May 4, 2015
Education Policy in Progress
April was a busy month in Washington, as Congress worked on several pieces of legislation critical to the arts.
First, as we reported last month, the House Appropriations Committee continues to work on funding bills for federal agencies in advance of the fiscal year 2016 budget. As a reminder, NASAA and other arts organizations are urging Congress to fund the National Endowment for the Arts (NEA) at $155 million. That figure would represent an increase of about $9 million over current funding. A draft budget from the House of Representatives could be released at any time; NASAA will let you know as soon as it is available.
Second, the Senate took major steps to advance legislation that would reform federal education policy. The legislation, known as the “Every Child Achieves Act,” passed out of the Senate Health, Education, Labor and Pensions (HELP) Committee unanimously on April 16, after a three-day markup hearing during which more than 40 amendments were considered.
The legislation, which amends the Elementary and Secondary Education Act (ESEA), includes several provisions of significance to the arts:
- The legislation would retain the arts as a “core academic subject” under Title I of the law. Inclusion of the arts means that state and local education agencies can incorporate the arts in programs funded under this statute.
- The law would be expanded to include pre-K programs. An amendment offered by HELP Committee ranking Democrat Sen. Patty Murray (WA) and approved by the committee would create a competitive grant pre-K program that can include arts programming.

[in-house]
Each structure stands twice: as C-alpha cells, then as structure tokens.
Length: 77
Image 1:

- An amendment introduced by Sen. Sheldon Whitehouse (D-RI) inserts language authorizing state and local education agencies to increase access to arts-related community and national outreach programs, as well as provide arts educators with professional development opportunities.
- An amendment offered by Sen. Lisa Murkowski (R-AK) and approved by the committee continues authorization for the 21st Century Community After School Program, which includes the arts as an eligible activity.
Having passed out of committee, the bill will now go the floor of the Senate for consideration, though specific timing is unclear.
While the progress made is noteworthy and promising, significant hurdles remain. During the committee process, the chair, Sen. Lamar Alexander (R-TN), was able to convince members to withhold controversial amendments that could have derailed the bill’s progress; but as the bill goes to the floor, senators from both parties could offer amendments that make it unappealing to a majority of members. An additional complication, should the bill pass in the Senate, is that the House of Representatives would have to pass the same legislation for President Obama to have the opportunity to sign it into law. To date, the House has been considering a different bill, H.R. 5, the “Student Success Act,” which differs greatly from the Senate bill. Reconciling those differences in a manner that Senate Democrats and President Obama support will be a sizable challenge.
As this process unfolds, NASAA will continue to look for opportunities to expand opportunities for the arts in this legislation, and will let you know when outreach to your members of Congress can have the biggest impact on these proceedings.
In the meantime, please do not hesitate to contact me at 202-540-9162 or firstname.lastname@example.org if you have specific questions.
In this Issue
State to State
- Georgia: Poet Laureate's Prize for High School Students
- Alabama: Arts Education Junior Leadership Team
- Tennessee: New Agency Brand
Executive Director's Column
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